Solar System

General Astronomy
Formation of the Solar System
The Solar System
Hypothesis of the Origin of the Solar System
Early Ideas:
• The Collision Theory
– A passing star's gravity in a collision (or close miss) caused
the material of the sun to be 'pulled out' eventually
solidifying into the planets
• The Capture Theory
– The planets, and everything else in the solar system, was
simply captured when drifting about by the Sun's gravity
and eventually forced into the orbits we observe.
• The Nebular Theory
– The Sun and the planets (and everything else) condensed out
of a vast nebula composed of gas
Some Simple Observations
Before we look at the possible
scenarios, let's look at a set of simple
observations which must be explained
by any theory of formation.
If the theory cannot cope with any of
these it is in trouble.
Some Simple 'Rules': 1
Each planet is relatively isolated in space.
The planets are not bunched together
The planets exist as independent bodies at
progressively larger distances from the central Sun.
Some Simple 'Rules': 2
The orbits of the planets are nearly circular.
Exception: Mercury
While all planet's orbits are ellipses, they are nearly circular
(unlike most comets and some asteroids)
In each case, the blue object is a
perfect circle for reference
Some Simple 'Rules': 3
The orbits of the planets all lie
nearly in the same plane.
The planes swept out by the planet’s orbits are
accurately aligned to within a few degrees.
(Mercury is a slight exception)
7.004 Degrees
Some Simple 'Rules': 4
The direction in which the planets orbit the Sun is
the same as the direction in which the Sun rotates
on its axis.
Virtually all large-scale motions in the solar system are in
the same plane and in the same direction.
(Other than some comet orbits)
Some Simple 'Rules': 5
The direction in which most planets rotate is
roughly the same as the direction in which the
Sun rotates.
Exceptions: Venus, Uranus
Venus rotates retrograde (very slowly)
Uranus is 'tipped' over so that it depends on
how you measure the angle of inclination as to
the direction it rotates
For example, Suppose that the planet is rotating such
that the top of the page is "in" and the bottom is "out"
Then if the North Pole is to the left, the rotation is prograde;
if the North is to the right, then it rotates retrograde
Some Simple 'Rules': 6
The direction in which most of the major moons
revolve about their parent planet is the same as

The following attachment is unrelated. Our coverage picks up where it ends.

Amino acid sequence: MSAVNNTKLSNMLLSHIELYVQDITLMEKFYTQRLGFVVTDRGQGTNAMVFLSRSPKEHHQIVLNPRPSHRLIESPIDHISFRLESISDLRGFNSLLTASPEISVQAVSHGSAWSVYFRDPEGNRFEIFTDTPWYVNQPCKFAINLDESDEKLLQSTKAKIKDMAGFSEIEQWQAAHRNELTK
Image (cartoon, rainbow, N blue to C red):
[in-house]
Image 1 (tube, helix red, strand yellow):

the direction in which the planets rotate on their
There are exceptions amongst the smaller moons
Some Simple 'Rules': 7
The planetary system is highly-differentiated.
The inner planets are characterized by high densities,
moderate atmospheres, slow rotation rates and few or no
moons or ring systems
The outer planets are characterized by low densities,
thick atmospheres, rapid rotation rates, many moons
and ring systems.
Some Simple 'Rules': 8
Asteroids are very old and exhibit a range of
properties not characteristic of either the terrestrial
or jovian planets or their moons.
Asteroids share, in rough terms, the bulk orbital
properties of the planets. However, they appear to be
made of primitive, unevolved material.
Similarly, meteorites are the oldest rocks known.
Some Simple 'Rules': 9
Comets are primitive, icy fragments
that do not necessarily orbit in the
ecliptic plane.
Most reside primarily at large distances
from the Sun in the Kuiper Belt or the
Oort Cloud.
The Collision (Tidal) Theory
A passing star's gravity in a collision (or a close
miss) caused the material of the sun to be
'pulled out' eventually solidifying into the
Could the Sun lose enough material to form all the rest of the
solar system?
Easily. The Sun has over 98% of all the material in the system
This makes a solar system a rather freak occurrence.
There are problems with several of our observations.
Particularly 1, 7, 8, and 9 (isolation, differentiation, comets and
Tidal theories
• 1794: G. L. Leclerc, Comte de Buffon
– suggests material that formed the planets was
‘ripped’ from the Sun by a colliding comet
• 1917: James Jeans proposed ‘modern’ tidal
theory involving the interaction between the Sun
(all ready formed) and a massive star
Motion of filaments
Massive star
Filaments ‘dragged’ from Sun
through gravitational interaction
The Capture Theory
The planets, and everything else in the solar
system, was simply captured when drifting
about by the Sun's gravity and eventually
forced into the orbits we observe.
Again, the same observations give problems:
Why the spacing between planets?
Why are they grouped as they are?